SAIGON — James Garner, the latest Hollywood actor to play the USO Borscht Circuit in Vietnam, feels that the main reason the U.S. public hasn't been sold on the war is because the United States was not attacked.
Garner, a Purple Heart veteran of Korea, says that he personally feels the situation is much like it was in Korea when General Matthew Ridgway addressed the troops and asked, "If you see a burglar coming, do you want to stop him at the back fence or wait until he gets into the house?"
"Here in Vietnam we couldn't wait for some sensational incident to happen or it would have been too late to help these people save their country from communism," Garner added.
The prospect of making a Vietnam tour caught Garner off guard, he readily admits. "I asked them what they thought I could do — no songs, no dances, no jokes. But here I am."
Traveling solo around the country, he has arrived at the conclusion that "the morale here is about 100 percent higher than it was in Korea."
Occasionally Garner runs across a GI who wants to try him for size. "They might ask if I was over here on some tax write off, or how much I get paid. When I explain that I'm an ex-rifleman private with the 24th Inf. Div.'s 5th Regimental Combat: Team, and came over for nothing, everything is OK."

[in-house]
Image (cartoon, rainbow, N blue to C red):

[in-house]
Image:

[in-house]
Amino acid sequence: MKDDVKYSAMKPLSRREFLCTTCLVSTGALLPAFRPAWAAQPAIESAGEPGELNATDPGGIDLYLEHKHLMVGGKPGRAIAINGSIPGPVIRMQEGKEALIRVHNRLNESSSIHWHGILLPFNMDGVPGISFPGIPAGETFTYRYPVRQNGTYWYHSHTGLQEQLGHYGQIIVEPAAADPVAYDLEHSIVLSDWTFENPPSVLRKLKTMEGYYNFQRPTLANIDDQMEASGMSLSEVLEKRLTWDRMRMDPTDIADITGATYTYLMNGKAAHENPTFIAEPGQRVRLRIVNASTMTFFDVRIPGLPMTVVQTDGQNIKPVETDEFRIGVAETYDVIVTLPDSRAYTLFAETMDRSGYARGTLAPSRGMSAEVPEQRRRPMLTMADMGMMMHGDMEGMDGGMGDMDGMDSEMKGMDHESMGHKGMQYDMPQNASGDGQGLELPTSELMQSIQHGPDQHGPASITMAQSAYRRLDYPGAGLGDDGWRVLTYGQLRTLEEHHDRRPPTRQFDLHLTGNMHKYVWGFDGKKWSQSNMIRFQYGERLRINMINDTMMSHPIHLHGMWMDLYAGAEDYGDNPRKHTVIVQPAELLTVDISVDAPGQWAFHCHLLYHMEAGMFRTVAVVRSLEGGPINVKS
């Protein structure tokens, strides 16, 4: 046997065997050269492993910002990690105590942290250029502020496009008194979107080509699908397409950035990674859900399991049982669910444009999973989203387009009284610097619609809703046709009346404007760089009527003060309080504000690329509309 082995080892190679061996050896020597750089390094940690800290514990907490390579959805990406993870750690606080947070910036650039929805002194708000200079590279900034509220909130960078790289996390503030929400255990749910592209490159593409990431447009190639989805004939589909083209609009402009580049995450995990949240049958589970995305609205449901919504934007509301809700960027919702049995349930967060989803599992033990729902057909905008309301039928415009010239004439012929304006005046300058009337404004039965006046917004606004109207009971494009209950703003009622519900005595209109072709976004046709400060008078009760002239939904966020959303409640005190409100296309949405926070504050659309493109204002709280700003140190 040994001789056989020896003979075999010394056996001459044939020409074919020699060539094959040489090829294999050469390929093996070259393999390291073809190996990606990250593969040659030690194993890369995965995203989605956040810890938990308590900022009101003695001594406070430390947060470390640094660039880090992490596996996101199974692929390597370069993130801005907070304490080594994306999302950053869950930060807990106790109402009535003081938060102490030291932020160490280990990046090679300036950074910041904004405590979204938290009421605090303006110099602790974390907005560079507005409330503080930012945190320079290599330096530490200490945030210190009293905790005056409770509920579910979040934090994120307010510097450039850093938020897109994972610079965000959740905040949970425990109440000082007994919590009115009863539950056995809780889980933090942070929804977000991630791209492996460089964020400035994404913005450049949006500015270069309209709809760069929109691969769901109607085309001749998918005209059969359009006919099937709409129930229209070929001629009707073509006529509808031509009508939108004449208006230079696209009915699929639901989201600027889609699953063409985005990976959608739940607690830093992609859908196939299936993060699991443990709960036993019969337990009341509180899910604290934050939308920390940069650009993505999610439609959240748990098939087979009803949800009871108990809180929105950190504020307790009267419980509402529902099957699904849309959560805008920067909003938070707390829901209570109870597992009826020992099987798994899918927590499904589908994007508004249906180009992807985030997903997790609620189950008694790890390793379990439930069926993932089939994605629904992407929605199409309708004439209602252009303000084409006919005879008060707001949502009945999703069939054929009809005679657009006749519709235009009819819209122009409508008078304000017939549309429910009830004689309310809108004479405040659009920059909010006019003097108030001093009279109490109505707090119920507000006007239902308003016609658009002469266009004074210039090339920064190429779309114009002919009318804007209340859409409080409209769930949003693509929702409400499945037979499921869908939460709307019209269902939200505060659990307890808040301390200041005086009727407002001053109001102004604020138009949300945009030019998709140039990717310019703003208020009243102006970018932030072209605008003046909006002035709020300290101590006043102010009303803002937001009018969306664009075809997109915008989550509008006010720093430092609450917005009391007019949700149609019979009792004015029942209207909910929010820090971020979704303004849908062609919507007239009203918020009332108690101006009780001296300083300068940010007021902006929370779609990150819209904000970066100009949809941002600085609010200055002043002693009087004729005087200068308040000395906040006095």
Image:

As for Hollywood and the war, Garner feels it will be some time before any pictures based on the Vietnam war are produced.
"There are a lot of technical problems — getting the right equipment, finding the right locations and such, but above all it is too soon. The pictures made about the Korean War didn't do well at the box office, but World War II pictures are well received now."
Garner is not worried about his most recently released film doing well. "Grand Prix," the story of European auto racing, seems well along the road toward soaking up 40 or 50 million at the box office.
This was a labor of love for Garner, who was a California hot-rodder in his youth.
While he developed a great admiration and respect for the men who drive the powerful Formula I cars, Garner doesn't hesitate to admit that it isn't for him.
Garner, star of the highly successful "Maverick" TV series, is getting ready to mount up again soon when he plays Wyatt Earp to Jason Robards Jr.'s Doc Holliday in a picture that takes up the great lawman's career after the battle of the OK Corral.
ByWALLY BEENE as published in the Stars and Stripes